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Installing a chandelier


Hanging a chandelier differs from installing a ceiling-mounted light fixture because of the added weight of the fixture. This requires modifying the ceiling box to accommodate the extra weight. Special chandelier-hanging hardware is used for this purpose, including a threaded stud and nipple, a hickey, and lock- nuts. If you can’t work from an attic space above the ceiling, you will have to cut a hole in the ceiling drywall to gain access to the ceiling joists. Cut a 16 x 16-inch hole, from one ceiling joist to the next, and install wood blocking to support the chandelier. Then attach a box; fish a power cable into the box; and in stall new drywall.

LEFT The added weight of a hanging fixture must be supported by the ceiling box.

Many chandeliers, especially heavy ones, come with instructions that explain the support the fixture needs. If your fixture doesn’t call for special support, then you can probably replace your existing fixture with a chandelier as we show here. If, on the other hand, extra support is called for, then you have two options. One is to cut a hole in the ceiling and nail wooden support blocks in place. The other is to install an electrical box support brace that has the proper weight-limit specification.

Step 1. Turn off the circuit power to the existing light fixture at the service panel. Then remove the screws that hold the fixture in place, and unthread the wire connectors that join the circuit and fixture wires.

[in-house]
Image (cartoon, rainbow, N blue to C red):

Step 2. Make sure the electrical box is securely mounted to the ceiling framing. Then remove the center knockout plate; install a stud in the knockout hole; thread a hickey into the stud, and a nipple into the hickey.


Step 3. Have someone hold the chandelier or support it on a step ladder while you work. Thread the chandelier wires through the threaded nipple. Then connect the fixture wires to the box wires.


Step 4. Once the wires are joined, slide the chandelier escutcheon plate up against the ceiling box. Hold it in place as you screw the collar nut onto the threaded nipple in the middle of the box.



To bring cable into a metal box, you must first remove one of the knockouts on the box. Some boxes have a pry out built into them that can easily be removed using a fiat screwdriver. Others have a circular knockout that must be punched out using a hammer and a screwdriver or knockout punch. Once the knock out hole is open, a cable clamp can be inserted into the opening. The clamp secures the cable in place and protects it from chafing against the sharp metal edges of the box opening.   Some metal boxes have pry- outs that can be removed using the fiat blade of a screwdriver.
  Other boxes have knockouts that must be punched out using a hammer and screw driver, or using a special tool called a knock out punch. A cable clamp screws into the pry out or knock out opening to secure the cable entering the box and protect it from chafing against the sharp edges of the opening.




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